It is important to note that non-lawyers signing IBTs often believe that application of foreign law will allow them to escape the mandatory regulatory requirements of Ukrainian law (administrative, tax, currency, etc.). This is, of course, not true because foreign law is applicable only to rights and obligations of the parties and may not replace the regulatory requirements of Ukrainian law.
The parties to IBTs are also free to choose the mechanism for dispute resolution, with the principal options being either local courts or international arbitration (ad hoc or institutional). Our practice shows that international arbitration is advisable when a Ukrainian party to the IBT is a large company with a solid reputation. In most other cases, local courts are recommended in order to secure quick injunctions and greater chances for enforcement.
In terms of language, although the original documents of IBTs may be executed in a foreign language only, it is strongly recommended to execute them in Ukrainian as well to avoid troubles with notarized translations, etc., while submitting them to various regulatory authorities (customs, tax inspectorate, certification bodies, etc.).
Due Diligence on Potential Business Partners and Customers
There is a joke among the Ukrainian (and Russian) legal community that the best due diligence is a full advanced payment. Unfortunately, this may not be always possible.
Because in Ukraine due diligence usually is a costly and complicated procedure that in many cases can not guarantee the success of a business transaction, it is advisable to perform due diligence only if necessary and only within the necessary scope. For example, while securing a transaction with a pledge, a limited due diligence is necessary on the legal status of the property subject to pledge. On the other hand, when mergers and acquisitions of local companies are contemplated, a full scale due diligence is strongly recommended.
Specific Regulatory Concerns
While entering into a transaction in Ukraine, a large number of regulatory issues should be taken into account, including tariff and non-tariff restrictions, taxation, newly introduced state stamps, currency, customs regime and other regulatory issues. Below are just a few examples:
* Most imported goods are subject to a local VAT of 20% and import duties. Quite a few categories of imported goods are also subject to excise tax. For selected categories of goods, the government has established a minimal customs value for the purposes of calculating VAT and/or excise tax (which is contrary to WTO rules).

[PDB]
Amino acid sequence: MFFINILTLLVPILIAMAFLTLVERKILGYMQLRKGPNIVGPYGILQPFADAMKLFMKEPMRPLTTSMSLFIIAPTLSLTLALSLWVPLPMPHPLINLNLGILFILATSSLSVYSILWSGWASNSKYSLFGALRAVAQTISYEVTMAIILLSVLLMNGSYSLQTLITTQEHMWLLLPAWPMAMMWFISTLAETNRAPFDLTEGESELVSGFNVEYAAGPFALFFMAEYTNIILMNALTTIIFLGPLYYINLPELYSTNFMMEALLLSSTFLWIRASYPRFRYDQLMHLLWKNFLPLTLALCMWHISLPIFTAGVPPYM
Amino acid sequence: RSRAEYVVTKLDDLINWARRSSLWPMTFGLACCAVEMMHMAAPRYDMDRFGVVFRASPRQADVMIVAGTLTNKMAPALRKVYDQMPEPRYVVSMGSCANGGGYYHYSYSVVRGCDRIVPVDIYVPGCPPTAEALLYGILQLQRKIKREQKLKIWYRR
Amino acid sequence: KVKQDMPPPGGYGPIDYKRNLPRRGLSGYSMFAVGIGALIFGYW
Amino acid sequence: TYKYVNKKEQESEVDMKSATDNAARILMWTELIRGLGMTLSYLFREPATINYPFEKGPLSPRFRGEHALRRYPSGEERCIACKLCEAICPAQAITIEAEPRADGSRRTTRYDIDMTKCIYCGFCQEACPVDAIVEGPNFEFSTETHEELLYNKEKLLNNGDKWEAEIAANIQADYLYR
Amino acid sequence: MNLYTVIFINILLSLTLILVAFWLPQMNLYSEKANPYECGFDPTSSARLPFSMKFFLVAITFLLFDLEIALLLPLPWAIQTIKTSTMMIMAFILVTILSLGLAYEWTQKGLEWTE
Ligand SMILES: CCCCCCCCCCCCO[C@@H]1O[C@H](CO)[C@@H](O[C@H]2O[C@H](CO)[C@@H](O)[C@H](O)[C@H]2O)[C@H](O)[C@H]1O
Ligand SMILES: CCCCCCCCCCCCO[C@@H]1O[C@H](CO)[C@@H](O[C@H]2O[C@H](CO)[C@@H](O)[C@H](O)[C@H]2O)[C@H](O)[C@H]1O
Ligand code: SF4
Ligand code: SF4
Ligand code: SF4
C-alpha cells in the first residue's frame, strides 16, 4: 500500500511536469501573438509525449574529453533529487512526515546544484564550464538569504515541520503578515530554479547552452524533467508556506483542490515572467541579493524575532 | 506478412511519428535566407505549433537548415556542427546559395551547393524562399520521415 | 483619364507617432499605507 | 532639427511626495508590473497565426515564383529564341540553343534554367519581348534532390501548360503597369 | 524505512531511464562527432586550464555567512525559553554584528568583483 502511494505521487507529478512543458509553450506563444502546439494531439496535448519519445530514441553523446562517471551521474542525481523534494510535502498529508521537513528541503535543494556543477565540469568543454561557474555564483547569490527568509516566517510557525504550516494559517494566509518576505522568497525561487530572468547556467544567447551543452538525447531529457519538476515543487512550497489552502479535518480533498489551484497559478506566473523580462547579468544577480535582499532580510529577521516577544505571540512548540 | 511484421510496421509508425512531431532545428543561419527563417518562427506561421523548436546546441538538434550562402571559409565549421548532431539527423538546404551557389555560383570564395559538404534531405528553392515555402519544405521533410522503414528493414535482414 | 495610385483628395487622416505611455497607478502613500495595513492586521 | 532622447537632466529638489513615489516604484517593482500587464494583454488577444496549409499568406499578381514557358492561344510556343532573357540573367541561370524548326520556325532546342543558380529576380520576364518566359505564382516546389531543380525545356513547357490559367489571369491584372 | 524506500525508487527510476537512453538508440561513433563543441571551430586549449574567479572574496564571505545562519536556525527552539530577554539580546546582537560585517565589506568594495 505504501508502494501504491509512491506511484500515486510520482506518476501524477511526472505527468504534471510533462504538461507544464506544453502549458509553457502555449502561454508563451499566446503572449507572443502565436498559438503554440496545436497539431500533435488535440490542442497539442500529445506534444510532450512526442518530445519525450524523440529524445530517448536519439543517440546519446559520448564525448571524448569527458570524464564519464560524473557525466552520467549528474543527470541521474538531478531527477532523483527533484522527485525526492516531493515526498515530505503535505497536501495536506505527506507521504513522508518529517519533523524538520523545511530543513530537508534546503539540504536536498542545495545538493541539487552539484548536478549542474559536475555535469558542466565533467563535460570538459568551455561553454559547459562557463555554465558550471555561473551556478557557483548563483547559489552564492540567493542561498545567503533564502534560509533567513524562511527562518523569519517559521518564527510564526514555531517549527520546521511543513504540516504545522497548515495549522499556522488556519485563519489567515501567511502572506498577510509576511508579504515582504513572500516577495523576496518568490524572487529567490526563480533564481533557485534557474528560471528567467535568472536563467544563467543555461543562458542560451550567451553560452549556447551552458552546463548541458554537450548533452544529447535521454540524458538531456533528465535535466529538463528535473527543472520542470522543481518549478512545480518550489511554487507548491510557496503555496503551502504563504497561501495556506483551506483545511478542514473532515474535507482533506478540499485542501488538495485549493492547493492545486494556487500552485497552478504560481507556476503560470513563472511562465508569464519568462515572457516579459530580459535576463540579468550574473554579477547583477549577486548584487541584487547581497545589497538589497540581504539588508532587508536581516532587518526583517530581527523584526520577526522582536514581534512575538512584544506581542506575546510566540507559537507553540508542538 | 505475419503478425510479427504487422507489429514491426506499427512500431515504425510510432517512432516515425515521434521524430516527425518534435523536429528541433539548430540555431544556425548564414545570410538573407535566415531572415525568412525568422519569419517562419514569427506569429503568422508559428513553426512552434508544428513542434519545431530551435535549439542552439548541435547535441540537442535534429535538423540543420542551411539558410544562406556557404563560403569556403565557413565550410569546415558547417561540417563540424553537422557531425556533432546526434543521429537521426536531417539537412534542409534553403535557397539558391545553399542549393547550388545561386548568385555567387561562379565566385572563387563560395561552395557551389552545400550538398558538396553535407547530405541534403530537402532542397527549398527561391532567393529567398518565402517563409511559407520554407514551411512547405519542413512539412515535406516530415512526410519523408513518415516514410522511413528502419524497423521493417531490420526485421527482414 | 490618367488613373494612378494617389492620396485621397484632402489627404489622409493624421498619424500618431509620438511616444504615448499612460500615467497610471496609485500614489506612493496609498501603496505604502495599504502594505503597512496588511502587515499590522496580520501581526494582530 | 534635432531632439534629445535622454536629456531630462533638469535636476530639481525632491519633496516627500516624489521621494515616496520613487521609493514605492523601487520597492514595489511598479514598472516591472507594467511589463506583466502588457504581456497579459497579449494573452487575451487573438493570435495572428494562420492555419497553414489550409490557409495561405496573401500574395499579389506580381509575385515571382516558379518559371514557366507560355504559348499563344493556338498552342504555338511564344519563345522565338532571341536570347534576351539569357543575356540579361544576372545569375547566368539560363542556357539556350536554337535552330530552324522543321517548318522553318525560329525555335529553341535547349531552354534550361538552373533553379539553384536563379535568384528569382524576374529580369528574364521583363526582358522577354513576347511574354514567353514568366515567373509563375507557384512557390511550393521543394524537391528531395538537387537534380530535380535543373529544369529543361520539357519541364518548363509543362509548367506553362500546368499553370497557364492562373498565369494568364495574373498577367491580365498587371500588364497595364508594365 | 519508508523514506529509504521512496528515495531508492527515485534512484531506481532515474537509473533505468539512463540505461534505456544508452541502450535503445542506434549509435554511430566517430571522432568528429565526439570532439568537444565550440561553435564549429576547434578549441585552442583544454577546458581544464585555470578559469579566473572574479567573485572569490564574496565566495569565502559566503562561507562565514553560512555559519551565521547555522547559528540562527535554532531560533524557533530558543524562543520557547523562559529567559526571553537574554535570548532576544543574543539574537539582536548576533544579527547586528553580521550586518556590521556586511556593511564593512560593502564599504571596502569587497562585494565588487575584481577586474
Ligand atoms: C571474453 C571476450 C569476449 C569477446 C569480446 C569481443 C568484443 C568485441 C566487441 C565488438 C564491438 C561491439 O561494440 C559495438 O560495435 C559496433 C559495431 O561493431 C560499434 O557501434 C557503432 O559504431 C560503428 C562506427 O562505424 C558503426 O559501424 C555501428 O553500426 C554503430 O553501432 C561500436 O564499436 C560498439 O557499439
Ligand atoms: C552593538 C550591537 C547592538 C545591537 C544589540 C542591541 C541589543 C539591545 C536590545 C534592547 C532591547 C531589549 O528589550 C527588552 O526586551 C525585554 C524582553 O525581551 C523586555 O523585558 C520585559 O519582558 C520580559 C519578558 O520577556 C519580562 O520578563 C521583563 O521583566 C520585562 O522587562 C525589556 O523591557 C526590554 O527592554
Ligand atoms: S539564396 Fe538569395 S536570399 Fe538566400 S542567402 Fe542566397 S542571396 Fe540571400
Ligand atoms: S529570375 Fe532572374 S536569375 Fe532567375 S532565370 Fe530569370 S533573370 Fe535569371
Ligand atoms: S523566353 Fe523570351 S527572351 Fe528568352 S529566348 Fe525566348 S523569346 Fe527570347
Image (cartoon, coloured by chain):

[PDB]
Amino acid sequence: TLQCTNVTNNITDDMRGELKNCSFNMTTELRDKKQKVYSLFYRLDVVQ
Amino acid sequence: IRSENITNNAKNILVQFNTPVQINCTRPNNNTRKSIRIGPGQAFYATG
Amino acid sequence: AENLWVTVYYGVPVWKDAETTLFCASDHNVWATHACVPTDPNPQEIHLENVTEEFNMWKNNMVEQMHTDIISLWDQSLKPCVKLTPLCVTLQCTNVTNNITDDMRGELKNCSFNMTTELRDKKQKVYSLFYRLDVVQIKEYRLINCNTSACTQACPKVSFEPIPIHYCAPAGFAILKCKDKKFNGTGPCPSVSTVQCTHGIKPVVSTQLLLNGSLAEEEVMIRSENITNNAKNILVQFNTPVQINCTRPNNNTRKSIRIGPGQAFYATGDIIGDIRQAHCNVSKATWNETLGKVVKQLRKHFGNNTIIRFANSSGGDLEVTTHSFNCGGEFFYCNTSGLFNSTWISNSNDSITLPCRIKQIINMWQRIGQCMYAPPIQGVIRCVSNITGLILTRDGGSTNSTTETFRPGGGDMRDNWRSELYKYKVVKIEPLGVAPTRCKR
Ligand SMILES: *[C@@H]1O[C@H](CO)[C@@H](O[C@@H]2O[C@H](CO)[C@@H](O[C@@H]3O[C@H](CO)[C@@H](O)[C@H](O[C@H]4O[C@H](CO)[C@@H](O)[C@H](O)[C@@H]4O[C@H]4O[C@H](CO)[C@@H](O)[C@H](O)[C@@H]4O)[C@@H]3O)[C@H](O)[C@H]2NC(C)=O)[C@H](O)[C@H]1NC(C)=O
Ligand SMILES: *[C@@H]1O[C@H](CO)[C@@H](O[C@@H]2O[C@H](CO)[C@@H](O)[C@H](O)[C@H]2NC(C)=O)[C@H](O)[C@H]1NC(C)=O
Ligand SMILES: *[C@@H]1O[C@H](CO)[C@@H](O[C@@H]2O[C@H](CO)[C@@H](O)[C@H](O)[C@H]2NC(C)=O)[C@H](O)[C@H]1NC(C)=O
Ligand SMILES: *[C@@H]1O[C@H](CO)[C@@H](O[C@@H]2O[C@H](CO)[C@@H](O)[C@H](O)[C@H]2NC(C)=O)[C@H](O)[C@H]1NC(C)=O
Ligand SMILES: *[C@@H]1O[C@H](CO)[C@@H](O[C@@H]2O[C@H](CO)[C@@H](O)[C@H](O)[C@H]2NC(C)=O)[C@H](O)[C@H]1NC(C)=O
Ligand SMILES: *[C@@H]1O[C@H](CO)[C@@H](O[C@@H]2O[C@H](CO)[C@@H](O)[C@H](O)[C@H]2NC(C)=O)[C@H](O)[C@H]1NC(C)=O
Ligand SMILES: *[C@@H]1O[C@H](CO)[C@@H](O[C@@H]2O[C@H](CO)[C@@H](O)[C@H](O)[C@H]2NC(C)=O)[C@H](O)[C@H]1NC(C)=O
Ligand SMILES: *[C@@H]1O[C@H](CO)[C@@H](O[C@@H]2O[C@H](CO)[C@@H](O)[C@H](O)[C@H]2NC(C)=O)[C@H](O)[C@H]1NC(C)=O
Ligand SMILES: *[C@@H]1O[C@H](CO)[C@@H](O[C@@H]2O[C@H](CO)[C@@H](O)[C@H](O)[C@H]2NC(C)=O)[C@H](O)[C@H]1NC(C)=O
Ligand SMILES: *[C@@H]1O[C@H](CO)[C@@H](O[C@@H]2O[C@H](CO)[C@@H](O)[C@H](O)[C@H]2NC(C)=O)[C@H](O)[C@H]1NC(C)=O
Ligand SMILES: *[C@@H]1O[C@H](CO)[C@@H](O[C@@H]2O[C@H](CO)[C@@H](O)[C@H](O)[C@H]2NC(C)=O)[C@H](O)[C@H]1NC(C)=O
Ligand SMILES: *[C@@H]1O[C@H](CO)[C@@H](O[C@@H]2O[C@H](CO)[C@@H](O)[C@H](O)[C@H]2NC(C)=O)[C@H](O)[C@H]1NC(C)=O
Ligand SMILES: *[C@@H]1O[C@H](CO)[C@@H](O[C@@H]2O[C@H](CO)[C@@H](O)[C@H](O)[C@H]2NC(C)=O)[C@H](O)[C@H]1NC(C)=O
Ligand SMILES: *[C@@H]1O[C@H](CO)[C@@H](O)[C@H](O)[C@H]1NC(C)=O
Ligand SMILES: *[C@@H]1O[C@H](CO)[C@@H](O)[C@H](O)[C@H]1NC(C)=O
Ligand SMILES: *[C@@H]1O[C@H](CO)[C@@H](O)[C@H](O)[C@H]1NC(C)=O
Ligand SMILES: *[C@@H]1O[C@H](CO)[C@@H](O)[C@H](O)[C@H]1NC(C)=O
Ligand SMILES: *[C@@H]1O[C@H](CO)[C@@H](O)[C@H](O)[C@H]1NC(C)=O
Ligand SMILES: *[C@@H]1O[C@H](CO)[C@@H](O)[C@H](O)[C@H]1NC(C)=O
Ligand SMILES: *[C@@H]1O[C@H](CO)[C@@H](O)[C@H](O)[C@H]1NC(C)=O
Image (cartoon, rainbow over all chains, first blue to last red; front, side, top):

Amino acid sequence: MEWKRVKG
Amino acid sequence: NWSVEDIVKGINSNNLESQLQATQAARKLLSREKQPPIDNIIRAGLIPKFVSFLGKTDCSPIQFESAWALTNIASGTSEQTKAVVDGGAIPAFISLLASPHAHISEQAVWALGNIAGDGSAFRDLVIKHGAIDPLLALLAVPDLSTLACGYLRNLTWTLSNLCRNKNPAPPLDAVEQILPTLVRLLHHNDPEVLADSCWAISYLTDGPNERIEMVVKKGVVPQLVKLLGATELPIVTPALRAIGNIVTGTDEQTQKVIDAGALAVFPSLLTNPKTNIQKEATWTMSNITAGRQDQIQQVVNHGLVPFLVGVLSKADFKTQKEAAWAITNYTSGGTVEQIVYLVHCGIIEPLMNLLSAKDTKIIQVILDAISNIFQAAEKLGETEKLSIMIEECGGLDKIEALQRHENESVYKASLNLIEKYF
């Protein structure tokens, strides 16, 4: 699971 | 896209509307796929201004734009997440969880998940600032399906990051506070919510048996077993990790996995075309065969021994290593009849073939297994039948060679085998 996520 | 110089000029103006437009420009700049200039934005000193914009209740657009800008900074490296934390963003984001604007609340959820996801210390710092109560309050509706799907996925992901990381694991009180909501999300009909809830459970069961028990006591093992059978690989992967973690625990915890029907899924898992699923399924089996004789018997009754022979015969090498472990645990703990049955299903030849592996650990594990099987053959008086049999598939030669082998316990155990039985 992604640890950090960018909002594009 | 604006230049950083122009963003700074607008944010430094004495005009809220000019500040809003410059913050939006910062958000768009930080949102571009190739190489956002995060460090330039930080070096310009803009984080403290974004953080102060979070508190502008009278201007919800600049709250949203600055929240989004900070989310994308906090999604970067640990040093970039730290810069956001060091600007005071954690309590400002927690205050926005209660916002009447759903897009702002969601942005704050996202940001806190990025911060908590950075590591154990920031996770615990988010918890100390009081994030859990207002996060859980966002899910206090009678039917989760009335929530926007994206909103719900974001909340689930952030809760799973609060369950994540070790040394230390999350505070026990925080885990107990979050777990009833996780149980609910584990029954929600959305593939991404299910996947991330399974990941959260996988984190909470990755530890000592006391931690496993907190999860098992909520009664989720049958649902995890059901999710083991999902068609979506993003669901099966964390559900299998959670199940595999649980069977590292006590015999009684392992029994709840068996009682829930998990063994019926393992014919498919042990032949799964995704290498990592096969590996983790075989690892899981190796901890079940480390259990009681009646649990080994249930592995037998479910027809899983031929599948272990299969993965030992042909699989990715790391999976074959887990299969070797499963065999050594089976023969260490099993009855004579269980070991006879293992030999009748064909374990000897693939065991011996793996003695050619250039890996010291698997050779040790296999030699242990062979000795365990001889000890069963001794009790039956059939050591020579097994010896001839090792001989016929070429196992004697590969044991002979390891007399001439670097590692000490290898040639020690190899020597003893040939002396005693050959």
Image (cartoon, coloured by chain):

* Import of excisable goods is subject to several additional regulatory rules.
* Many categories of imported goods, including all food products, are subject to mandatory certification and phyto-sanitary control.
* Selected categories of imported and exported goods are subject to import or export licensing or quotas. Mandatory registration with the Ministry for Foreign Economic Relations and Trade of IBTs related to certain categories of goods is required.
* According to a newly-adopted Presidential Edict, as of January 1, 1999 all transactions, including IBTs, must bare State Stamps (a new type of state fee). Although the absence of such a State Stamp in a strict legal sense does not invalidate the transaction, it will result not only in penalties and criminal liability (for tax evasion), but also deprives the parties to a transaction from referring to the transaction in state bodies, or in case of a dispute, which practically means little less than invalidation.
Contracts with the Government (Production Sharing Agreements)
The Government rarely enters into civil law transactions, including into IBTs. Unlike Russia or Kazakhstan, where the new Civil Codes regulate participation of the State in civil law transactions, the old Ukrainian Civil Code has few provisions on this subject. Therefore, the lack of a sound legal basis for civil law transactions with the State (government) makes such transactions problematic. For example, it is commonly accepted practice that the State is supposed to waive sovereign immunity while entering into IBTs. In Ukraine, however, the government refuses to follow this practice, referring to a lack of legislation on this matter.
The draft Law on Production Sharing Agreements, which is currently pending in the Supreme Rada, for the first time in Ukraine's legislative history explicitly provides that the State must waive sovereign immunity while entering into production sharing agreements. If adopted, this Law could be used as a precedent when waiver of sovereign immunity will be needed for other types of transactions.